In December, Maki & Associates were summarily removed and replaced by Foster and Partners, headed by Lord Foster of Thames Bank, without open tendering or a fresh competition. The new designers of Amaravati were also instructed to work with the Naidu government’s favourite architect, Hafeez Contractor. Contractor is to architecture what paneer manchurian is to cuisine. A love of paneer manchurian or of Hafeez Contractor’s buildings is an unmistakable sign of terrible taste. Even those who dismiss this view as elitist or snobbish will agree that people who adore paneer manchurian ought not to consult the Michelin guide, book a table at Sukiyabashi Jiro, and then complain the food is bland.

That is basically what Naidu and friends did. Then, having left Jiro’s restaurant in Tokyo without paying the bill, they headed to the Ivy in London, and were disappointed it did not serve anything close to paneer manchurian either. The designs produced by Norman Foster’s firm lacked the spice and fusion Naidu sought. Even the forced cohabitation with Hafeez Contractor did not appear to be doing the trick.

Virtual reality?

To help the project get on track, the government of Andhra Pradesh has now brought in the biggest gun of them all, a man who built a capital city that puts in the shade all the work of Pritzker Prize winners like Maki and Foster. I speak, of course, of the incomparable SS Rajamouli, designer of Mahishmati, from where King Baahubali reigned.

All right, I exaggerated a bit. Mahishmati is a CGI fantasy and Rajamouli has never constructed anything in his life. But that does not mean he cannot give Foster and Partners tips on the Indian spirit, does it? I’d love to be a fly on the wall for that London meeting. I’d love to have seen the expressions on the faces of staff at Foster and Partners when they first viewed the virtual mishmash of Khajuraho, Fatehpur Sikri, Chichen Itza and St Peter’s Square that is Mahishmati.

The Amaravati website still shows Maki & Associates as the firm tasked with building the government complex. Not only has it been replaced, its replacement is looking shaky. I would not be surprised if all international input on Amaravati’s government complex is suspended and the entire thing handed over to Contractor and Rajamouli. A grand project that started on the firm ground of transparency, a commitment to instituting the best practices and seeking the best talent, has slid into a morass of superstition, bad taste, the favouring of special interests, and the employment of public funds to further all of these. No surprise, there, it’s all as Indian as paneer manchurian.

We welcome your comments at
Sponsored Content BY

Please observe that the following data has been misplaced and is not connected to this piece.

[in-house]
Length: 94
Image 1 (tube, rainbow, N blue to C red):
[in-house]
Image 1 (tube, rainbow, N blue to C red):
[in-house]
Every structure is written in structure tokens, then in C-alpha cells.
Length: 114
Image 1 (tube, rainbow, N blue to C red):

Behind the garb of wealth and success, white collar criminals are hiding in plain sight

Understanding the forces that motivate leaders to become fraudsters.

Most con artists are very easy to like; the ones that belong to the corporate society, even more so. The Jordan Belforts of the world are confident, sharp and can smooth-talk their way into convincing people to bend at their will. For years, Harshad Mehta, a practiced con-artist, employed all-of-the-above to earn the sobriquet “big bull” on Dalaal Street. In 1992, the stockbroker used the pump and dump technique, explained later, to falsely inflate the Sensex from 1,194 points to 4,467. It was only after the scam that journalist Sucheta Dalal, acting on a tip-off, broke the story exposing how he fraudulently dipped into the banking system to finance a boom that manipulated the stock market.


In her book ‘The confidence game’, Maria Konnikova observes that con artists are expert storytellers - “When a story is plausible, we often assume it’s true.” Harshad Mehta’s story was an endearing rags-to-riches tale in which an insurance agent turned stockbroker flourished based on his skill and knowledge of the market. For years, he gave hope to marketmen that they too could one day live in a 15,000 sq.ft. posh apartment with a swimming pool in upmarket Worli.

One such marketman was Ketan Parekh who took over Dalaal Street after the arrest of Harshad Mehta. Ketan Parekh kept a low profile and broke character only to celebrate milestones such as reaching Rs. 100 crore in net worth, for which he threw a lavish bash with a star-studded guest-list to show off his wealth and connections. Ketan Parekh, a trainee in Harshad Mehta’s company, used the same infamous pump-and-dump scheme to make his riches. In that, he first used false bank documents to buy high stakes in shares that would inflate the stock prices of certain companies. The rise in stock prices lured in other institutional investors, further increasing the price of the stock. Once the price was high, Ketan dumped these stocks making huge profits and causing the stock market to take a tumble since it was propped up on misleading share prices. Ketan Parekh was later implicated in the 2001 securities scam and is serving a 14-years SEBI ban. The tactics employed by Harshad Mehta and Ketan Parekh were similar, in that they found a loophole in the system and took advantage of it to accumulate an obscene amount of wealth.